For Love of Creation
2005 Award Category: Races/Places: Villains
Story Type: Vignette ✧ Length: Short Story
Rating: PG ✧ Reason for Rating: adult themes
Summary: As he stands on the rebuilt tower of Barad-dûr while his armies prepare to leave for Eregion, Annatar/Sauron contemplates the desire for creation and the consequences for those who suffer from it: Fëanor, Morgoth and Ilúvatar, but particularly himself.
Reviewed by: Thundera Tiger ✧ Score: 7
Fascinating journey through Sauron's thoughts, and I really like the idea that above all else, he loved to create. It's a drive that most of the human race shares, and I enjoyed seeing it teased into something bigger here. The comparison with Feanor and Morgoth was also good, particularly the reluctance with which Sauron committed his power to the Ring. I was very intrigued with the idea that Sauron still considers accepting a pardon from the Valar. He's a complex villain, and I can see him thinking about things like that from time to time. I also loved the way he thought about Aule and the difference between the way Aule and Morgoth handed out praise. Even more than that, I loved the fact that Sauron understood why the praise was empty when it came from Morgoth. In fact, the depth of Sauron's understanding of his actions and the perspective he gives them fascinated me throughout. Definitely some intriguing insight. Thank you!
Reviewed by: Marta ✧ Score: 6
In "A Veiled Light" the author of this story showed that she has a remarkable talent for making the obscure (at least to those of us who enjoy primarily the late Third Age like myself) much more accessible. Here she proves that she can do it for evil as well as for good. I felt like I was in Sauron's mind. I understood his thoughts, his desires, his regrets, his fears. This was so powerful! And the weird (and scary) thing is that I it didn't really feel "evil". Ambiguous, yes, but no more obviously corrupted than Denethor, for example. It just felt natural. I suppose that is how evil would have to feel to evil, but it really made the whole mindset more understandable for me.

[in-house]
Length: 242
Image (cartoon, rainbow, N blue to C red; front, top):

Reviewed by: nerwen_calaelen ✧ Score: 3
A very intersting tale. I like the way you show Sauron, you turn him into a fascinating and in some ways sympathetic character. This is amazingly well done and very cleverly for you keep well with canon and hyet give a totally different perspective. The analysis you give in your notes adds to the sotry, I look forward to reading more of your work at some point.
Reviewed by: Dwimordene ✧ Score: 3
I think the Fëanor comparison is probably my favorite part of this story. We all know that Fëanor's deeds were certainly cruel and evil, but that the initial act of creating the Silmarils might also have been tainted with a possessiveness that would undermine their 'substantive', I suppose you could call it, good is one that doesn't seem to enter elvish minds.
Reviewed by: Space Weavil ✧ Score: 3
Andreth's story very much echos the Professor's style, but does not come across as dry or stilted at all. This is a wonderful insight into the motivations in The Silmarillion, and displays a highly intellectual style of writing, which is very enjoyable to read.
Reviewed by: Dreamflower ✧ Score: 1
A fascinating attempt to get a look at what made Sauron tick.